The golden oldies


Looking through this month’s guide to some of the music festivals and cultural events taking place in Catalonia this summer (pages 20-35), I got to thinking about the 27 Club. That is that group of artists who all died aged 27, such as Jimi Hendrix, Jim Morrison, Kurt Cobain and Amy Winehouse, and the list goes on. While research has shown there is statistically no basis to the perceived trend of young rockers popping their clogs all at the same age, it nevertheless strikes one as an amazing coincidence.

For all I know, there is probably no truth either to the suggestion that by dying young (and often in tragic circumstances) their musical achievements have been overblown. If he had lived, what would Hendrix have gone on to achieve with his guitar, or had he already given us everything he had to give? What about that friend of mine who treasures the memory of seeing Hendrix live on the Isle of Wight in 1970? Has the fact that he was one of the few to actually see the rock genius performing on stage distorted his memory of how good the performance was? Perhaps, but of course there is absolutely no way of knowing at this point.

At the other end of the spectrum, we have those artists who seem to go on forever. Look no further than some of the festivals in the pages of this magazine to see such familiar names as Human League, Supertramp’s Roger Hodgson, and New Order. Human League were set up (not born, formed) in 1977, Supertramp go back even further to 1969, and can New Order any longer call themselves ’new’ seeing as they got together in 1980? Elton John is currently on his huge retirement tour, which takes in 300 dates, but the likes of Sting (aged 67) and Mick Jagger (75) are still going strong.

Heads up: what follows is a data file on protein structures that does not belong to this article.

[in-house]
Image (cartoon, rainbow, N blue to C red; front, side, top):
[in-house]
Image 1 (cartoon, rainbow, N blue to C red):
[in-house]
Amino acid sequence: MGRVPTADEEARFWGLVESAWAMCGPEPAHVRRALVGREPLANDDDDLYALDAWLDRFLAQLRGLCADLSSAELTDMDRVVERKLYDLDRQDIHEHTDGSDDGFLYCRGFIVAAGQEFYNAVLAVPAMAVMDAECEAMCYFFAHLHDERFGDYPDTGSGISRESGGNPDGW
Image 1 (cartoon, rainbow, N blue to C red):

The first thing that comes to my mind when I think about these ’golden oldies’ is why they haven’t retired yet, as most of them have made a fortune during their long successful careers. While the answer from some of them would no doubt be that being rich costs a lot of money, and short of selling up and moving to a bungalow, they have to keep working to pay for their extravagant lifestyles.

However, perhaps a more generous explanation might just be that they are extremely creative people with a wealth of experience who still feel they have something to offer. And perhaps they do, perhaps it’s not just a case of cashing in. Well, there’s only one way to find out – by booking a ticket for one of the many music festivals featuring the veterans of the music world this summer.

Sign in. Sign in if you are already a verified reader. I want to become verified reader. To leave comments on the website you must be a verified reader.
Note: To leave comments on the website you must be a verified reader and accept the conditions of use.